I think of Day Night Day Night in some ways as a companion film to United 93. One is about a real event, one is imagined. One uses handheld camera and fast edits to convey a sense of urgency and naturalism, one gets much the same effect through long takes and subjective camerawork. Both are utterly gripping studies of how people react in high-stress situations — one is about the victims of terrorism, the other about the perpetrators. The protagonist of Day Night Day Night is an unnamed young woman (Luisa Williams) who has chosen to leave her life and her family behind to carry a bomb into Times Square in a backpack and detonate it.
Writer/director Julia Loktev keeps all this material non-specific — the masked men who prep her for the job seem American; the guy who drives her into the city looks Korean; the folks who make the bomb look … Jewish, maybe? It doesn’t matter. Loktev forces audience identification with her as a frightened woman looking for redemption, not as a symbol of any specific political beef, by keeping the camera close to her face and body, and in certain moments showing us exactly what she sees. (Cinematographer Benoît Debie, who also shot Gaspar Noé’s Irreversible, knows a thing or two about the subjective camera.) It’s a slow-paced, methodical film, and also a very smart and instructive one that’s sympathetic to its sad bomber without forgiving her her intentions.
If you ever felt, as I did, there was some missing backstory associated with the smartly amusing Shaun of the Dead and its somewhat-less-brilliant follow-up, Hot Fuzz, you may be excited to make the acquaintance of Spaced, the consistently ingenious British TV show where director Edgar Wright and actors Simon Pegg and Nick Frost cut their comic teeth. Storywise, it’s no relation to Shaun of the Dead, even though it feels somewhat like a prequel — and it’s a bit thrilling to think of Tim Bisley, the videogame-addicted comic-book artist Pegg plays in Spaced finally given a chance to face the zombies who populate his dreams in a real-world post-apocalyptic showdown.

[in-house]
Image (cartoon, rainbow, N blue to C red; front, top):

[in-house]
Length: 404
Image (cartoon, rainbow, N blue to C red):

Here’s the bad news: it’s not as good as Dead & Buried. But it’s still pretty good. Director Gary Sherman’s 1972 feature, known in the U.S. as Raw Meat, is a spooky subway movie that takes place in the London Underground but features images of tunnelled emptiness that should send at least a mild shiver of recognition down the spine of any big-city dweller without the coin to take taxicabs every damn place under the sun. Like Dead & Buried, it involves a cop in over his head, but this time the cop — played in typically amiable style by Donald Pleasence — isn’t in any real danger. Instead, the protagonists are a hip young couple (their shared pad displays poster tributes to Hendrix and Che Guevara) who trip over an unconscious man on their way up the subway stairs after the last train departs the station. She wants to find help; he doesn’t want to get involved. And before a constable can be summoned, the body disappears.